We’re into September now, almost the time my dad would start warning us kids to be extra careful outside because the snakes would be “denning up” any time now.

That was on the farm, about four miles from Medicine Butte. The butte isn’t a mountain or anything, but I read a geology article that said it is something like 2,200 feet high. In South Dakota’s prairie country, that’s enough elevation to leave you breathless.

And local lore — mostly from my dad’s inexhaustible store of knowledge, some of it even true — says Medicine Butte is called that because of the rattlesnakes in its tall grasses and shallow depressions. My dad said the Lower Brule people, just the other side of the butte, knew how to make medicine from snake venom. He said it with enough sincerity that as a child I never doubted him.

(Just now I did an online search. I’ve been on a drug called lisinopril, a blood pressure medicine, for 10 or 12 years. Apparently it’s an ACE inhibitor. I learned that ACE inhibitors trace their roots back to snake venom. My source didn’t say rattlesnake, but still, snakes. The first ACE inhibitors were discovered in the 1960s. My dad was well ahead of the curve, already talking about medicine from snake venom in the late 1940s and 1950s.

Denning up, though. The first time he used that phrase, I pictured rattlesnakes slithering from all directions of the township, crossing pastures and fallow ground and fields of harvested corn and shelterbelts and dirt roads, desperate to get to Medicine Butte to den up. You know how it is when you’re a timid kid and you get a crazy image in your head, right? You bet I stepped extra carefully wherever I went from the first time he said it until the ground froze solid and the snow drifted three or four feet high. I spent my time outdoors on high alert, and sometimes I’d be drained of energy when I got back to the house.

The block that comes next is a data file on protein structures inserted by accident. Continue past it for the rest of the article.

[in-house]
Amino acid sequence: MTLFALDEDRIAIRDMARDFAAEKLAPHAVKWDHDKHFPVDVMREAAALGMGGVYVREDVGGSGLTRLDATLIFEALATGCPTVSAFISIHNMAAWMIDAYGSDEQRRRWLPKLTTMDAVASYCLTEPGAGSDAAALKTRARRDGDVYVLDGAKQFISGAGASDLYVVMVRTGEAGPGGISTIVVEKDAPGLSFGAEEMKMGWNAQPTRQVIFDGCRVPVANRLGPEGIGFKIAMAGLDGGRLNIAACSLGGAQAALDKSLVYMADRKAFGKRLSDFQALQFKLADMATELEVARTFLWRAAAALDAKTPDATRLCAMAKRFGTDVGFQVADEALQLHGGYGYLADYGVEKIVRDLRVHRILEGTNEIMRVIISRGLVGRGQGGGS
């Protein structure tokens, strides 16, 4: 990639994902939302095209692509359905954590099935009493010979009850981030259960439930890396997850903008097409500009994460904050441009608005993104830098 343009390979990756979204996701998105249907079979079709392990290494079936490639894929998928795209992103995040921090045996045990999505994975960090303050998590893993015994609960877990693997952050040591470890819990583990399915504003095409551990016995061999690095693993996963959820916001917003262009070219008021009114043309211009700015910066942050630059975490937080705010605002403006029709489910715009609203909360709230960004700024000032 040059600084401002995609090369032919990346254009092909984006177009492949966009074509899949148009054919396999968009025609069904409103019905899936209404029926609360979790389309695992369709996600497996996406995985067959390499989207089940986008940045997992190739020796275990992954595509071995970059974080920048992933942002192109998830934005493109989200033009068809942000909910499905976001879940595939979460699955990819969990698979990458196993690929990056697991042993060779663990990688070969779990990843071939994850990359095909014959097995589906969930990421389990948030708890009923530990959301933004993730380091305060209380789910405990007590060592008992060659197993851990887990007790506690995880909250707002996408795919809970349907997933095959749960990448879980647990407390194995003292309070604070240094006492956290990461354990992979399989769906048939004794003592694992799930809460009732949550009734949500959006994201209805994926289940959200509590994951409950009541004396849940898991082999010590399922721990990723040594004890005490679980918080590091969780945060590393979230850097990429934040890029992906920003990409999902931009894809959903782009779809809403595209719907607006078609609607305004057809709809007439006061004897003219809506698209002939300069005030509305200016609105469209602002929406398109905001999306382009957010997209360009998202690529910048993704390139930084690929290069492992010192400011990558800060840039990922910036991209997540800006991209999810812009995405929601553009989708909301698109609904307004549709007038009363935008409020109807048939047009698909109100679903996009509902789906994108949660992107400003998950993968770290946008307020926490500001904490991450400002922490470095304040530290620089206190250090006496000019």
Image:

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Here’s a sidebar for farm people of my generation. We had a Jeep, a four-wheel-drive thing with a canvas top that snapped off in good weather. In the Jeep’s glove box we carried a snake-bite kit. When I was a kid, I liked to pull the kit out and examine the pieces, fascinated by the notion that this small box of gadgets might save a person’s life. It had a small, razor-sharp blade in a wooden cylinder with a cap. It had a suction cup, and it had a length of rubber tubing. In the event of a snake bite, the tubing could make a tourniquet to keep the poison from spreading. The blade could make X cuts on each fang puncture, and the suction cup could pull out the poison.

I wouldn’t have had a clue how deep to make the cuts or how long to leave a tourniquet in place or how to use the suction cup safely. My only examples were cowboy shows, and in those the hero used a massive Bowie knife to slice through the fang marks and then he sucked the poison from the cuts and spat it into the sagebrush. Then he threw the bite victim over his horse and hightailed it off to find Doc Adams in Dodge City.

The denning up dangers I imagined as a child aren’t so different from the dangers in the real world these days. Danger is around us, nearly all the time. Sometimes, like me watching for those snakes supposedly frantic to den up, we have a sense of the danger and we’re on high alert. Other times, like me after the snow and freeze, we don’t think much about the danger. A guy can’t live on high alert all the time. The best he can do is keep an eye on things, looking for signs of trouble. I call that living my life.